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Raising LGBTQ voices
A dispatch from the International Documentary Film Festival
Me gusta el mar y la mujer cuando llora/Las golondrinas y las malas señoras/Saltar balcones y abrir las ventanas/Y las muchachas en abril.
‘I like the sea and the women when they cry/The swallows and the bad girls/Climbing balconies and opening windows/And the girls in April,’ sings Mexican queer musician and artist Chavela Vargas, her extraordinary voice heavy with dissent, pain and passion.
This song, No soy de aquí (I am not from here) ends in celebration: ‘No soy de aquí, ni soy de allá/No tengo edad, ni porvenir/Y ser feliz es mi color/De identidad.’ (I am not from here, nor from there/I have no age, nor future/And being happy is the colour/of my identity). This triumphant final sentence – being happy is the colour of my identity – echoes inside my head.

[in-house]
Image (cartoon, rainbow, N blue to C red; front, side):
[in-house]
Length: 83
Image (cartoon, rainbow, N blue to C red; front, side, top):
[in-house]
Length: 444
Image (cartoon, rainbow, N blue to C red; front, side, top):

I saw this documentary film Chavela, directed by Catherine Gund & Daresha Kyi, at IDFA – the international documentary film festival of Amsterdam, during ‘Queer Day’, which presented films focusing on LGBTQ voices from around the world. ‘Majestic and beautiful until the very end of her life, she compiled an amorous résumé that ranks among the most distinguished in the history of twentieth-century lesbianism,’ Benjamin Moser wrote in his Chavela Vargas obituary for the New Yorker. One of these women was Frida Kahlo. ‘Everybody knew,’ says one of the protagonists in Chavela, adding that ‘Mexico is a very hypocritical society,’ where you can be a lesbian on stage, but not in everyday life.
This hypocrisy is also found in Turkey, the country of my birth, where artists like the iconic, queer male Zeki Müren (1931-1996) and the transsexual diva Bülent Ersoy, are both very popular and much-loved figures.